I woke up this morning with this thought in my head:
We can only do great things in small ways.
This isn’t the mindset I’ve had over the last few years while working in the for-profit /non-profit world. Having spent a great deal of time, considering what the world needs and wants: i.e. this country, our city, culture, the 20-30somethings, I think I’ve been looking for the most dramatic way I can make an impact. What has happened though is, I’ve done really small things in a really grand way. Sad to admit this, but I think I’ve actually been searching for personal greatness while wearing a mask of charity, benevolence or philanthropy. It would be difficult to look in the mirror and decipher this about oneself, but once we begin to explore our motives in this charity-fevered culture, you might begin to see the same dreaded signs of ego in yourself. How often are our good works done for our own glory?
It seems like our culture is currently obsessed with personal identity, image and relevancy. But is what others think about us, more important then what we know about ourselves? Many of us are reaching for greatness in some regard, although why we are isn’t clear. We’ve all heard Mother Teresa’s quote: “We can do no great things, only small things with great love.” Every great moment that I can recall, has caused my heart to stir because of a common thread of humility in it. The simple act of forgetting one’s self and answering a need, right in front of you (again and again), builds character. Character is worth far more than fame. My heroes didn’t set out to be great, they kept saying yes to the small needs all around them, that’s what made them great.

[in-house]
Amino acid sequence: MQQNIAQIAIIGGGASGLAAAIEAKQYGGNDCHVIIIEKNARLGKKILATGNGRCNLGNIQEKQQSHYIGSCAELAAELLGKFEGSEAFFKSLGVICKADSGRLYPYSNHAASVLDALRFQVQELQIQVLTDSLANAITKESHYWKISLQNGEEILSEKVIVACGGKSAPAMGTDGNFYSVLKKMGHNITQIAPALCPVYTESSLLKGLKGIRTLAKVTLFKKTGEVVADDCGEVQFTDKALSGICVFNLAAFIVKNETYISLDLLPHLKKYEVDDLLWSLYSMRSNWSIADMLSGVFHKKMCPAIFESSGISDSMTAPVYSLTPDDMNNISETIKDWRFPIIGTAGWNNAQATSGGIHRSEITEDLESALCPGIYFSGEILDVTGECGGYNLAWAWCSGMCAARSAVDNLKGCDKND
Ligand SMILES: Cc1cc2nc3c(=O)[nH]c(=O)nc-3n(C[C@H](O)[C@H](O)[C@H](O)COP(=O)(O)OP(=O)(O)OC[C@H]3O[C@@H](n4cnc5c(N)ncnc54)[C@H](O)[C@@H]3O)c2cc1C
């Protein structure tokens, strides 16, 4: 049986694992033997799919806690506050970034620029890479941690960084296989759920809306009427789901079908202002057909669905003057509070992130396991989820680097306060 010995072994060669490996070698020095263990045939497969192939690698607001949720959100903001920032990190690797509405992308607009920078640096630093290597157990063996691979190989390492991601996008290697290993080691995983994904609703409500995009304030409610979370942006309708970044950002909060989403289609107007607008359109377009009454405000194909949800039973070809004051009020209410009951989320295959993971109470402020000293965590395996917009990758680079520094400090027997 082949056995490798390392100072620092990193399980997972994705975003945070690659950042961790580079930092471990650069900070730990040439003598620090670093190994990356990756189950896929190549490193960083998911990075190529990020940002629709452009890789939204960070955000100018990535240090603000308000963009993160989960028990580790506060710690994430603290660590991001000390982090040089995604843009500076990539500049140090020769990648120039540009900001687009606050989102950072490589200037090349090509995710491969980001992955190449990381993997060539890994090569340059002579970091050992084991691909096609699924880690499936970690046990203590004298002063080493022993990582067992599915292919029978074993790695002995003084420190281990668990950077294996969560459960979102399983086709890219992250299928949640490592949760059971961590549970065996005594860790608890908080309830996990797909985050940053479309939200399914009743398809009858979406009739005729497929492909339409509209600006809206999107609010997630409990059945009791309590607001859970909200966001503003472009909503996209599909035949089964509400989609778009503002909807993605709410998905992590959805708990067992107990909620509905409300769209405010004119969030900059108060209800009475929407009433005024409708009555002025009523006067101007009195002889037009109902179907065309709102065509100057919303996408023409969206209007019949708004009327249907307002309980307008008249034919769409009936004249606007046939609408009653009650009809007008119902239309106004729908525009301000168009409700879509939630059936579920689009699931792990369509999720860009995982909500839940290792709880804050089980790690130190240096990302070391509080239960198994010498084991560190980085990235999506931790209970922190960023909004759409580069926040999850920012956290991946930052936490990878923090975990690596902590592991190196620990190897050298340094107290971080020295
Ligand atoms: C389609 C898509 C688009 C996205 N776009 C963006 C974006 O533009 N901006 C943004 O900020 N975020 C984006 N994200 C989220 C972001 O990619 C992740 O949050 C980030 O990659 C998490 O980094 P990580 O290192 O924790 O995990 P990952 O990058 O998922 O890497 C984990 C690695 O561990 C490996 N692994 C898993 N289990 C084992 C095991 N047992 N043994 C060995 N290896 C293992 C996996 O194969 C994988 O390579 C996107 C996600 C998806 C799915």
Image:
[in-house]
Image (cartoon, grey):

We were asked recently to be a guest blogger on Incentivize, the above blog is what was written. We wanted to make sure we shared it with you all.